Back in 2009, when there was (briefly) a policy consensus in favor of active fiscal policy to fight the slump, there were many warnings to the effect that we must not repeat the infamous mistake of 1937, in which FDR was persuaded to focus on balancing the budget while the economy was still weak, terminating the recovery from 1933 and sending America into the second leg of the Great Depression.Amity Shlaes (yes, her), sees it differently:
Will 2013 be 1937? This is the question many analysts are posing as the stock market has dropped after the U.S. election. On Nov. 16, they noted that industrial production, a crucial figure, dropped as well.Hey, even Amity Shlaes has learned the lessons of ... wait, what? Shlaes says 1937 happened because FDR was not credible as a budget cutter? That cuts were not deep enough. Ay yay yay:
The obvious question is why an announcement by Obama or Roosevelt to cut back just after the election doesn’t reassure those who dislike government expansion. [...] The answer is that the markets, which observe a giant march forward and then a step backward, don’t believe the step back is permanent. Giants are giants. Expansionists tend to revert to expanding government, as FDR did, most drastically, in World War II. The mandate matters more than the austerity chatter.Ahhh. The confidence fairy. Shlaes knows this in "her gut," the way Dick Morris knew in his gut that Romney would win in a landslide. But like Morris, Shlaes is full of shit. Marshall Auerback of the Roosevelt Institute explains by taking apart actual alleged analysis, as opposed to listening to your gut:
[T]he FDR revisionists, who disapprove of fiscal policy measures of any kind, have come back. Now they’re brandishing the old arguments that “excessive” government spending risks “crowding out” private spending, making it impossible for the US government to deal with the recession (because it has run out of money) and hindering the capacity of the private sector to recover because of too much government interference in the “free market”. These complaints are usually accompanied by a wave of rhetoric condemning the “business un-friendly” policies of the current Administration, along with dire warnings of a “national solvency” crisis. After all, fiscal austerians are nothing, if not fully predictable.Read the whole thing. Ironically, John Maynard Keynes warned of these consequences. In his 1938 private letter to FDR (PDF), Keynes stated:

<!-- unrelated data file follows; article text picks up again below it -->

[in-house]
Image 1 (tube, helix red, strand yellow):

Was the 1937 Relapse Caused by Increased Taxes and Unions?
In that context, we have to give some credit to Professors Thomas Cooley and Lee Ohanian, who have taken a more novel approach in their critique of the New Deal. In some respects, they actually validate the case for fiscal policy expansion (although the two authors might not see it that way). Cooley and Ohanian argue that:
“The economy did not tank in 1937 because government spending declined. Increases in tax rates, particularly capital income tax rates, and the expansion of unions, were most likely responsible. Unfortunately, these same factors pose a similar threat today.”
The OMB numbers suggest that spending actually DID decline in 1937 and 1938 (see here) and, contrary to the assertions of Cooley and Ohanian, that decline had a very deleterious impact on economic activity and employment.
(1) I should agree that the present recession is partly due to an ‘error of optimism’ which led to an overestimation of future demand, when orders were being placed in the first half of this year. If this were all, there would not be too much to worry about. It would only need time to effect a readjustment;—though, even so, the recovery would only be up to the point required to take care of the revised estimate of current demand, which might fall appreciably short of the prosperity reached last spring.In the current climate, with the threat of the austerity bomb, it is important to remember and reiterate the lessons of 1937. I certainly hope the president remembers. This is no time for the federal government to cut spending.
(2) But I am quite sure that this is not all. The recovery was mainly due to the following factors:—
(i) the solution of the credit and insolvency problems, and the establishment of easy short-term money;
(ii)the creation of an adequate system of relief for the unemployed;
(iii) the public works and other investments aided by Government funds or guarantees;
(iv) investment in the instrumental goods required to supply the increased demand for consumption goods;
(v) the momentum of the recovery thus initiated.
Now of these (i) was a prior condition of recovery, since it is no use creating a demand for credit, if there is no supply. But an increased supply will not of itself generate an adequate demand. The influence of (ii) evaporates as employment increases, so that there is a dead point beyond which this factor cannot carry the economic system. Recourse to (iii) has been greatly curtailed in the past year. (iv) and (v) are functions of the upward movement and cease—indeed (v) is reversed—as soon as the position fails to improve further. The benefit from the momentum of recovery as such is at the same time the most important and the most dangerous factor in the upward movement. It requires for its continuance, not merely the maintenance of recovery, but always further recovery. Thus it always flatters the early stages and steps from under just when support is most needed. It was largely, I think, a failure to allow for this which caused the ‘error of optimism’ last year.
Unless, therefore, the above factors were supplemented by others in due course, the present slump could have been predicted with absolute certainty. It is true that the existing policies will prevent the slump from proceeding to such a disastrous degree as last time. But they will not by themselves—at any rate, not without a large-scale recourse to (iii)—maintain prosperity at a reasonable level. [Emphasis supplied.]